Expert Plant Picks: Midwest and Plainscomments (0) December 6th, 2011 in blogs
If you live in the Midwest, Northern Plains, or Southern Plains, check out the listings below for plants that are most likely to do well in your region.
Jim Ault is the director of ornamental plant research at the Chicago Botanic Garden in Glencoe, Illinois.
|Panicum virgatum 'Northwind'|
Comments: One of the older orienpets and still one of the finest, with its huge white and crimson flowers and delicious fragrance.
2. Aster (Symphyotricum) oblongifolius
Comments: The best aster in my mind for its wonderful late flower display, clean foliage, drought tolerance. It's also and deer and rabbit proof!
3. Spigelia marilandica
Comments: An underappreciated native plant for shade with dramatic tubular red and yellow flowers.
4. Baptisia 'Starlite'
Comments: Okay, a complete bias on my part as this is my hybrid. But it may turn out to be the most floriferous, best-behaved (habit wise) false indigo for northern gardens.
5. Amelanchier canadensis or X grandiflora
Comments: My favorite small landscape tree; adaptable, graceful, smooth gray bark, great-tasting fruit to share with wildlife and excellent fall color.
6. Actaea pachypoda
Comments: Elegant, shade woodland native, with beautiful incised foliage and white berries dramatically displayed against red pedicels. Alas, poisonous.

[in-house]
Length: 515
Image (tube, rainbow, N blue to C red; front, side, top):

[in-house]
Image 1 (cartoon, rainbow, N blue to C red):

7. Echinacea tennesseensis
Comments: Despite the explosion of hybrids in recent years, this coneflower is still my favorite; long-lived, compact habit, longest bloom season of any coneflower, perky upturned ray flowers.
8. Penstemon grandiflorus
Comments: Huge shell pink flowers and attractive bluish foliage on this native from the Great Plains. Tricky to grow east of the Mississippi, but worth the effort.
9. Panicum virgatum 'Northwind'
Comments: Tightest, most upright selection of switch grass. Even Midwestern snowstorms won't flatten it. Go with native grasses!
10. Schizachyrium scoparium 'Carousel'
Comments: Another native grass, a compact, multihued selection that does not lodge.
11. Clethra alnifolia
Comments: Any selection other than 'Hummingbird' which with its low habit is rabbit fodder in the Midwest. Put your nose in the flowers of any selection. Inhale. Now try to walk away. You cannot, the sweet fragrance is that intoxicating. But be careful to not snort up a bee as you inhale.